Cocoa Demand Concerns
Cocoa prices were slightly weaker overnight after the world’s third largest processor predicted a global surplus this season and next. The market continues to face headwinds from demand concerns, but even if North American demand remains subdued for the rest of this year, Europe and Asia are showing signs that their low point already occurred during the second quarter. With near-term supply issues providing additional support, cocoa may be able to extend a recovery move back towards the August highs. Tuesday was second session in a row that cocoa traded below its 200-day moving average before closing back above it.
December coffee was higher again overnight, trading to its highest level since August 6, as the market continues to find support from tightening exchange stocks. It closed above the 200-day moving average for three sessions in a row and is pushing up against a key retracement level this morning at 122.50. ICE exchange coffee stocks reached a new multi-year low on Tuesday. They have fallen by more than 228,000 bags in August, which would the largest monthly decline since December 2004 and the largest percentage decline since October 1998.
December cotton was near unchanged overnight and failed a recovery attempt after yesterday’s decline. The market was clearly disappointed that the Texas crop didn’t worsen last week after the longer-term forecasts were calling for “above normal” temperatures and “below normal” precipitation. Some rain was received over the past week, and that allowed for the Texas crop to show a 5% improvement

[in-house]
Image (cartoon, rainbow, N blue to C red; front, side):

in the good/excellent ratings. The USDA is already calling for a 27% abandonment rate in Texas, so the poor expectations for their crop may already be baked into their forecasts.
October sugar was slightly higher overnight after yesterday’s selloff and break below round-number support at 13.00. The market’s inability to extend last week’s upside breakout is another sign that it may be getting top-heavy, and unless it can find fresh supply/demand support, it could see an extended pullback. Sharp increases in Brazilian and Indian production should result in a hefty global surplus for 2020/21. In addition, rains in Thailand this week have brought much needed moisture to their growing areas.
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